Schlosser’s team has already developed additional applications for hybrid polymers: liquid waterproofing systems. These watertight, seamless, continuous membranes protect the building fabric – ranging from below- and above-ground walls, balconies and patios all the way up to the roof – preventing damage caused by moisture. In these applications, they can replace conventional sealing systems that contain substances of toxicological concern or volatile organic compounds (VOCs). “In developing our hybrid polymers, we now have an innovative sealing system that contains no plasticizers or solvents,” Schlosser explains. The sealing system forms a barrier to water, one of the greatest enemies of buildings, defending the latter from mold and improving thermal insulation.

“We’ve formulated our products to make them more environmentally compatible and have even improved their curing behavior.”

– Dr. Arndt Schlosser

  • A – Adhesives: Silicones and polymers make adhesives functional, versatile and sustainable.
  • B – Architectural Coatings: This polymer technology combines high product performance with low emission values.
  • C – Paper: Vinyl acetate is ideal for paper and board applications.
  • D – Sealants: Silicones ensure airtight windows
  • E – Technical Textiles: VINNAPAS® offers flexible solutions to meet the challenges of the nonwovens market.
  • F – Carpeting: Polymeric dispersions optimize the strength and flexibility of carpets.

There are numerous applications today where builders can turn to solvent-free adhesives and sealants from WACKER. Alkoxy-based silicone sealing compounds can be used for integrating window frames into masonry, sealing glass and doors, or installing new kitchen countertops.

The experts at WACKER are constantly working to enhance their formulations. “We’ve formulated our products to make them more environmentally compatible and have even improved their curing behavior,” he points out. At the same time, the resulting joints stand up to the toughest demands, whether purely mechanical or caused by temperature fluctuations. In this way, the silicone sealing compounds help extend the life of the whole building.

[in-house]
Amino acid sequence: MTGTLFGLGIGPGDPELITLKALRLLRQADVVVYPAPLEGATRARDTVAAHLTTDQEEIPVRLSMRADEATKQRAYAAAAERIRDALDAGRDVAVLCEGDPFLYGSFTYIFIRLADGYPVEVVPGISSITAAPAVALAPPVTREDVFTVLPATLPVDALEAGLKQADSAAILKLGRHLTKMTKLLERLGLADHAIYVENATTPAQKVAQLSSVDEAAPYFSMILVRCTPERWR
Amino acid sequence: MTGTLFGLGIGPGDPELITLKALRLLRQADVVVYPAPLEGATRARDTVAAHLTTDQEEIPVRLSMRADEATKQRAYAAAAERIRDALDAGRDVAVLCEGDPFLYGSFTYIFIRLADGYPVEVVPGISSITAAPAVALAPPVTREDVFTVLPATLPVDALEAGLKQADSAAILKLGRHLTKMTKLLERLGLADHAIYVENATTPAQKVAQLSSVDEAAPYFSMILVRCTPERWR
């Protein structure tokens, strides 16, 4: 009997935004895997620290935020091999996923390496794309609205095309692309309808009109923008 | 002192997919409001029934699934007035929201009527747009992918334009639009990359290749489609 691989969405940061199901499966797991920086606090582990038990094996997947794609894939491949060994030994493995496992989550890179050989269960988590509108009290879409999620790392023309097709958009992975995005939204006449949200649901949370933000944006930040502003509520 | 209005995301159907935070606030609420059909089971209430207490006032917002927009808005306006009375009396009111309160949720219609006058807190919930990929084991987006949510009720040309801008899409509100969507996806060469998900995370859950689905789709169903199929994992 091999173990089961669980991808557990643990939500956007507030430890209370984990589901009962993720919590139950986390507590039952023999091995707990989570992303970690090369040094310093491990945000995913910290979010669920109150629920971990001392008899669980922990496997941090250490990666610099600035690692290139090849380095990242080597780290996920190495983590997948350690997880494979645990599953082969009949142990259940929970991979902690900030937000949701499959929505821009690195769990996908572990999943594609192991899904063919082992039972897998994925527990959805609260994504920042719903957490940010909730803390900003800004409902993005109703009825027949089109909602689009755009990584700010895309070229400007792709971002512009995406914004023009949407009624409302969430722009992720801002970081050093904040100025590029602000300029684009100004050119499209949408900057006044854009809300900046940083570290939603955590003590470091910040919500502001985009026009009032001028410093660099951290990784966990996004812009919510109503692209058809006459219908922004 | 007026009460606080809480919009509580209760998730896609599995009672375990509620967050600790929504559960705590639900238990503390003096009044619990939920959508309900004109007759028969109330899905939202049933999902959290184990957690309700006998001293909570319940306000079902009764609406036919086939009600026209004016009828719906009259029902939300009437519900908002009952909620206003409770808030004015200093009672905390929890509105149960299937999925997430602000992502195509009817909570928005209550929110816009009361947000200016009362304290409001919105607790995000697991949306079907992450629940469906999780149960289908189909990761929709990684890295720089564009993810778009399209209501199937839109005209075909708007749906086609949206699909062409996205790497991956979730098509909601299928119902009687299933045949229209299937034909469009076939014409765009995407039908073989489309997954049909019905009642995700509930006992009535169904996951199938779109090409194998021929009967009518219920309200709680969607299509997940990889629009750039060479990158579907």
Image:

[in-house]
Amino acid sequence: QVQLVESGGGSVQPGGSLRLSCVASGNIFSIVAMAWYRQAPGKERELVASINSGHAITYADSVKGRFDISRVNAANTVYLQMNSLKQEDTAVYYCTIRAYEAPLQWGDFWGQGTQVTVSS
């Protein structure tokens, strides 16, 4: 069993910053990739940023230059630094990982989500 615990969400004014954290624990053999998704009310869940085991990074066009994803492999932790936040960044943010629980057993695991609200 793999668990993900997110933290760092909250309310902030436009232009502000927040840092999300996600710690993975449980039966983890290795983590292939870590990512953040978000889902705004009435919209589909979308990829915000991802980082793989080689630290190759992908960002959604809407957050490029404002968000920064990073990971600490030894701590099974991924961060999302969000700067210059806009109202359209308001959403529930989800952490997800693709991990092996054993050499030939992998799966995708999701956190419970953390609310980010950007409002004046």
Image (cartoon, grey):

Testing a wall paint

While water may be the enemy of the buildings, most wall paints do contain water-based binders.

“The drawback here is that water provides a breeding ground for microbes and bacteria,” Busold explains. This is why biocides are usually added to increase the paint’s shelf life. As the painted wall dries, however, the biocides escape into the ambient air. The experts at WACKER have now developed an interior wall paint in powder form. “Now we can stop adding preservatives and biocides,” he observes. This is because powder paints are not dissolved in water again until just before they are applied to walls.

As a result, all that escapes when they dry is water. Another advantage of the powder form is that it does not freeze in cold conditions or thicken in response to heat, as traditional wall paints do.

Each mission harbors its own unique challenges. Taken together, they all contribute to greater sustainability and help advance efforts to protect the climate.

The Dubai Model House Project

Sustainable construction in the Middle East

That is the goal which brought the WACKER Group and state-owned Dubai Central Laboratories (DCL) together. The story behind the initiative begins with Energy Strategy 2050 – a program launched by the government of the United Arab Emirates with the aim of increasing the proportion of clean energy in the overall energy mix to 50 percent by 2050 and reducing the carbon footprint of energy generation by 70 percent.

Diagram of a model house

The project included a one-year study on two small model houses. Beginning in August 2018, the study allowed researchers to compare conventional and sustainable construction materials. One house was not insulated; a standard paint was used for its interior and exterior walls; and its doors and windows were sealed with a standard sealing compound.

On the sustainable house, by contrast, the team installed an external thermal insulation composite system. The paint used for the facade provided protection from moisture and environmental influences. The team also applied a polymer-modified cementitious waterproofing membrane to the floor, and on top of this, they installed a layer of tiles using the thin-bed method. The interior walls received a coat of low-odor paint requiring no organic solvents. A highly durable, weather-resistant external sealant was applied around the doors and windows.

Air-conditioning systems kept the temperature at 23 degrees Celsius in both houses. The DCL experts then recorded energy consumption, interior temperature and humidity, ambient temperature and humidity, and volatile organic compounds (VOCs) for each.

Results Were Available After the One-Year Test Phase:
The sustainably built model house performed much better than the house built with traditional materials. One particularly impressive finding: energy consumption for the insulated model house was nearly 60 percent lower than that of its conventional counterpart – thus reducing CO2 emissions by an equivalent amount.